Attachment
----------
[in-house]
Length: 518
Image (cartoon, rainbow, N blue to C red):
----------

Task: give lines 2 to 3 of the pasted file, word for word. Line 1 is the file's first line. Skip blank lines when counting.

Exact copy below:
Length: 518
Image (cartoon, rainbow, N blue to C red):